PWAD 272 Paper 2

Submitted By golfer2103
Words: 3263
Pages: 14

PWAD 272 Paper 2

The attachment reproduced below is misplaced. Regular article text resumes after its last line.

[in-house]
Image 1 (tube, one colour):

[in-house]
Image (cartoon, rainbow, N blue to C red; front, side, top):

(Going off of prompt 5 from the second set of paper topics sent out by Professor Boxill) Revolution. This is something in today’s modern world with conflicts arising from seemingly every corner and nation of the world, we have gotten used to hearing about and has almost become expected or anticipated in most cases. From a philosophical standpoint, you can find a plethora of differing opinions and ways to look at revolutions and to justify them, and the actions of those participating in them, all depending on where you look. There is no shortage of information or argumentation on the topic. In this essay, I want to focus on one well-known philosopher in particular, Allen Buchanan. Buchanan analyses, in depth, revolutions and the ethics associated with them in his article “The Ethics of Revolution and Its Implications for the Ethics of Intervention,” which is part of a larger journal compilation, Philosophy and Public Affairs, in which many philosophers and philosophically inclined writers from various disciplines present their arguments and opinions. In a particularly interesting section of his paper (section G), Buchanan discusses two “related but importantly different principles” (Buchanan 310) of legitimacy of an aspiring revolutionary leadership, or ARL, in terms of its relationship with the justification of the use of coercion and non-justification of actions such as terrorism in order to gain collective participation in the revolution. In this paper, I will critically analyze Buchanan’s argument to deem if it is, in fact, convincing and apply it to cases in which the actions Buchanan calls justifiable would result in more deaths or a lower chance of success than those he deems unjustifiable. Before Buchanan begins his argumentation concerning the legitimacy of an ARL and the ethics of their practices and actions, he lays out some basic guidelines for the hypothetical situation in question. I feel the need to lay out these same guidelines in order to proceed with my critical analysis of Buchanan’s argument. These are the ARL is under conditions of Resolute Severe Tyranny in which the tyrannical authority “has steadfastly refused to reform and gives every indication of being willing to use the harshest means available to stay in power” (Buchanan 308). Therefore, the ARL is “not gratuitously coercing and manipulating its fellows” (Buchanan307) but “is constrained to do so by conditions beyond its control” (Buchanan 307-308) meaning conditions that the Resolute Severe Tyranny or regime have created and put in place. The ARL consists of people “who are committed to overthrowing an extremely unjust regime” (Buchanan 308) and they are “attempting to satisfy the laudable constraint of the Reasonable Likelihood of Success Principle” (Buchanan 308) or in other words, “it is taking seriously the idea that one should not engage in revolution or any sort of large-scale violence unless one has a reasonable prospect of success” (Buchanan 308). The final guideline is that “the ARL has, without success, already exhausted less morally problematic strategies for solving the widespread participation collective action problem” (Buchanan 308). Buchanan establishes his position by stating one might argue that for a state to be “justified in conscripting soldiers” (Buchanan 308), it must be legitimate. However, on “any reasonable account of legitimacy, the ARL is not legitimate” (Buchanan 308). It did not gain legitimacy as a state from consent, democratic processes, or through lawful transfer of legitimacy from a legitimate authority such as one government lawfully and rightfully succeeding another. Buchanan says it also is not legitimate on functionalist accounts of legitimacy meaning that it does not perform “adequately the justifying functions of states, such as providing security and basic justice” (Buchanan 308). The ARL would not have the capacity to perform these types of functions until after it came to power,…